Alayne took this photo last week of me spreading manure and bedding from the goat barn. You can see how many of the trees had yet to bud out, which gives you an idea of how far behind everything is this year. Now, 10 days later, it looks very different — there are lots more leaves on trees and shrubs, and the overall impression is one of greenness, though many trees are still not fully leafed out yet even now. The oak in front of the house still has tiny little leaves on it this morning. The manure spreading had to wait until the pastures were dry enough to drive the tractor on them without leaving ruts, which meant we were behind on this project, too. Here’s what the bedding pack in the barn looked like:
That was 16 inches deep at the edge, and probably 18 to 24 inches deep in the center of the barn, where the feeders were. This is wasted hay — goats are very fussy eaters, contrary to the myth that “goats will eat anything” — and is what’they have sifted through in the feeders, pulled out and dropped on the floor because … well, because there just might be something a little better in that flake of hay in the feeder! Horses and cows will do the same thing, too — this is not unique to goats at all, but they do tend to be choosier about sorting through the hay in front of them. Long ago I made my peace with this “wastage” when I finally realized that it doesn’t go to waste at all if you spread it back on the land. Particularly if you spread it back on the same land where the hay came from, because you’re returning organic matter to the field that was originally?removed?when the hay was harvested. (Some articles I read in Stockman Grass Farmer opened my eyes to this a while back.)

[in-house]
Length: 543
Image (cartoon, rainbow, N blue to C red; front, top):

Moreover, in the process of sifting and sorting and then dropping hay on the floor of the barn, the goats create their own “bedding pack” that also captures and holds their manure and urine over the winter. We don’t have to go out and buy straw for their bedding (which, by the way, in many areas of the country these days is more expensive than hay!). As the bedding pack builds up, it creates an insulated layer against the cold ground, and keeps them warm and dry. Best of all, because the manure and urine is incorporated deep in the bedding pack and protected from the weather inside the barn, there is no nutrient loss from having rain and snow leach the good stuff out of it.